Visiting Mumbai: An International Study Group

Following a successful trip in 2016, The Chartered Institute of Housing alongside Notting Hill Genesis invited professionals from across the world to return to the financial capital of India to discover and assess the government’s progress towards achieving their goal of ‘Housing for All’. Lauren Chandler, a Principal Consultant at Blayze Group, was excited to secure for a position in the Study Group after hearing about the trip online and offers her direct insights throughout this article.

 

“I wanted to be a part of the trip as I saw it as an excellent opportunity to understand more about the methodologies and ideas behind overcoming the housing crisis. It was an opportunity for experts in the UK market to go and share ideas with some of the industry leaders in India.”

 

Not only was this a fantastic opportunity to visit Mumbai, but it was also a chance to understand the housing crisis first-hand. With an estimated 104 million people living in Indian slums, The Study Trip aspired to spark discussions around affordable housing and policy-making between both central and state governments among many other topics. Sessions hosted by the Founders and CEOs of Indian Housing, Development and Financial companies gave expert insight into the issues behind the government’s ambitious efforts to reduce the number of those living in poor housing situations.

 

“It was the chance to hear from and meet some of the people on the front line tackling the housing crisis. I was also looking forward to seeing what potential opportunities I would have to influence the market and the role that I can play.”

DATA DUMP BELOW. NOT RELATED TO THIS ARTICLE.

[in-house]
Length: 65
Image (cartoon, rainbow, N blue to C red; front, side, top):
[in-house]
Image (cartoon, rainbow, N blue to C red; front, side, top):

The trip also highlighted societal and cultural factors that are contributing to the widespread homelessness and poor living conditions. Traditionally, mortgages and home deeds are signed solely to the men in relationships, leaving the women vulnerable to homelessness if their relationship was to break-down. As a result, philanthropists are developing programmes to help vulnerable women across India. Pradnya Ponkshe (Her Highnest) for example, has been committed to offering women mortgages and loans to assist them with their independent funding. The Study Group visited Pune, hosted by Mrs. Rajashree Nagane, to see a site developed by Svatantra Micro Housing Finance Corporation specifically to house women.

Pictured: Pune development for women during construction.

 

“Housing developments like this encourage women to take control of their lives. It was difficult to see how frightening it was for some Indian women to take the first step to independence.”

 

Inadequate funding in new housing developments was a recurring theme throughout the trip. Multiple houses and building projects have simply been abandoned early into the process, causing further land development issues down the line. As a result, the Indian government is now beginning to impose fines on companies that do not complete pre-planned projects. This is also resulting in growth for asset management firms which will help to ensure each development has allocated appropriate resources to deliver a finished site.

Pictured: Bamboo scaffolding used to develop affordable housing.

Overall, the Study Trip was a tremendous success for everyone involved. Having explored issues surrounding the volume of homelessness, the poor living conditions throughout the population, the frequency of incomplete construction developments and societal issues regarding a lack of housing for women, the experience was one that Lauren will never forget.

 

“It was such a good mix of people and experience. Everybody was incredibly welcoming and kind and it was a real privilege to have spent the week with such an inspirational group of people. I learned more in a week with them then I could have imagined and couldn’t be more grateful for the opportunity.”